Pump up the volume

The number of apartments completed in the U.S. hit a 30-year high in 2017, an apparent peak for this high-development market cycle.


Apartment completions in the 150 largest U.S. metros spiked at 395,775 units in 2017, a volume that beats the 2016 level by a significant 46 percent and more than doubles the long-term average. Completions in the past year grew the U.S. apartment stock 2.4 percent, according to Axiometrics.

Driving the national completion volume in 2017 were the 15 metros that have led for development volumes throughout the current cycle. Those metros—where construction is particularly active in urban core areas —contributed roughly half of the nation’s new units in the past year.

While Houston was the new supply leader just a year ago, 2017 numbers show Dallas and New York pushing ahead of the energy giant. Dallas added 27,974 units in the past year, while New York saw 23,207 completions.

Houston came in third place with 21,404 apartments built in 2017. While high by historical standards, new supply in Houston was absorbed relatively well. Absorption here was bolstered toward the end of the year by displaced residents who turned to apartments in the wake of Hurricane Harvey.

Annual completions totaled between about 12,000 and 16,000 units in the typically high-supply markets of Washington, DC, Atlanta, Los Angeles and Seattle.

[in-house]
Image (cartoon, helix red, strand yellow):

Also notable was the completion volume in Nashville. There, a total of 11,203 units were delivered last year, causing a steep annual occupancy decline in 2017 as operators struggled to fill all of the new units. Rounding out the year’s list of development leaders were Austin, Chicago, Denver and Northern New Jersey, with additions totaling just under the 11,000-unit mark.

Even with record-high supply volumes, absorption across the top 150 markets essentially kept pace. Despite a seasonal lull in 4th quarter 2017, apartment demand remained strong for the year, keeping occupancy levels steady at 95 percent. However, operators have reined in their pricing strategies in an effort to fill new units. For the nation overall, rent growth clocked in at 2.6 percent. That’s down from the roughly 4 percent to 5 percent increase common from 2014 through 2016.

Contributing to the nation’s ability to absorb so much new supply in 2017 was a reasonably healthy economy and favorable demographics, factors that are predicated to continue into the coming year.

After a period of remarkable expansion, the apartment market is expected to see supply volumes ease in 2018. Deliveries for the coming year are scheduled at around 300,000 units, down from the 2017 peak but roughly 60 percent above the historical norm. This study counts new supply as developers finish units and push them into the leasing pool, a shift from previous calculations that counted new supply when all the units in a property were completed.

Construction volumes have also dropped significantly, to 344,000 units at the end of 2017. That’s down from the cycle’s peak of 487,000 units a year ago, indicating that the annual completion volumes have peaked for the cycle.

Author: Kim O’Brien